Select Committee on Home Affairs Appendices to the Minutes of Evidence


Extract from a memorandum by Mr Steven W Kendrick MBA



  The purpose of this paper is to give as comprehensive as possible recommendations for reform of the system of firearms control in Great Britain. The paper makes mention of the controls in Northern Ireland, but does not make comprehensive recommendations in all areas.

  The paper is divided into three different sections: the first section deals with short-term changes that are necessary, ie problems with the operation of the Firearms Acts that must be addressed immediately. The paper then goes on to deal with medium-term recommendations, ie changes in the law which can form amendments to the Firearms Act 1968 and which should be adopted when Parliamentary time is available.

  The paper concludes with long-term recommendations, which essentially would require a new Firearms Act.


  It would be remiss in this submission not to make some observations on the general arguments for firearms control that have been put forward from various sources in recent times.

  Despite the fact that armed crime has been rising now for some considerable length of time and shows no signs of abating, new attempts at firearms control tend to have been made in recent years only after some highly publicised and unusual events, such as the shootings at Dunblane and Hungerford.

  Although mass shootings cause great concern, the loss of life while tragic and traumatic must be placed in context—in 1994 there were only two homicides in Great Britain with legally possessed handguns; 11 people died in England and Wales in that year from food poisoning caused by E-Coli 0157. (Source: Office of Population and Census Statistics.) More people lost their lives in an E-Coli breakout in Lanarkshire in 1996 than were killed at Dunblane; but it would obviously be foolish to call for the general banning of all meat consumption forever as a preventative measure, even though there is no real need for anyone to eat meat.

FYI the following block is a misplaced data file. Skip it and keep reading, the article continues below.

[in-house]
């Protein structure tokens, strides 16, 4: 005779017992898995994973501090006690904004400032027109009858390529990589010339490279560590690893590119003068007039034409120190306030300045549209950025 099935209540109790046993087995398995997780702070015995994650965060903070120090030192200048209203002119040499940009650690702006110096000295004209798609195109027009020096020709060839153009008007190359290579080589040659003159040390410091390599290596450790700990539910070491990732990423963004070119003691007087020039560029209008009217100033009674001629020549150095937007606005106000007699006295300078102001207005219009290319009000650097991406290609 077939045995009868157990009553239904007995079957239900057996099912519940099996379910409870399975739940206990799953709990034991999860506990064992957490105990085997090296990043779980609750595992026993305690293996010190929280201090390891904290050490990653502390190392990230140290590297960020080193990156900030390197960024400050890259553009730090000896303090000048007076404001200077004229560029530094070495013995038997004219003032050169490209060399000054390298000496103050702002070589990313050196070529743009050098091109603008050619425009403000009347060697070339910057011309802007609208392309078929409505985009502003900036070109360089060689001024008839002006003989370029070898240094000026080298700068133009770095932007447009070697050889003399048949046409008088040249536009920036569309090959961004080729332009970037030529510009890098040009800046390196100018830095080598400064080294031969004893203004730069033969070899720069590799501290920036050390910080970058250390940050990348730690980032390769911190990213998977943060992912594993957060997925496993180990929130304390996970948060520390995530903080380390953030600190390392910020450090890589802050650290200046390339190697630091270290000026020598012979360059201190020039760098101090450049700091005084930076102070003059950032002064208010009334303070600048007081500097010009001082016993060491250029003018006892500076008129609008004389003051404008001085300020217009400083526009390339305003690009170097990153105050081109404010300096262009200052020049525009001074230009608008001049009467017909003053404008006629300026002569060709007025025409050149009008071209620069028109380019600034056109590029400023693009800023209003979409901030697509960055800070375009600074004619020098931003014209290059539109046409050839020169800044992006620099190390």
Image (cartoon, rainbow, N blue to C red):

The measures brought in after mass shootings are, to a large extent, knee-jerk reactions that do not address the real issues that are important to reducing the misuse of firearms. The former Chairman of the Firearms Consultative Committee, the Earl of Shrewsbury and Talbot DL, in evidence to the Home Affairs Committee in 1996 wrote: "New and comprehensive firearms legislation should not be enacted in haste and would probably take as least 12 months for adequate scrutiny, in order to avoid some of the errors of the past."

  This advice was comprehensively ignored by the Government and the Firearms (Amendment) Act 1997 is filled with anomalies as detailed in this submission.

  The Firearms Consultative Committee is dismissed as a shooters' quango by the anti-gun lobby and they put forward a range of arguments.

  Bans on handguns, or semi-automatic rifles, it is said, will make the public safer. This is comprehensively not true. It is not true because (a) there are still many types of firearm legally available that are equally as deadly; and (b) it does not address the illegal use and possession of firearms. Indeed, the Home Office itself in written evidence to Lord Cullen during the Dunblane Public Inquiry stated that excessive controls on firearms could lead to a growth in the number possessed illegally.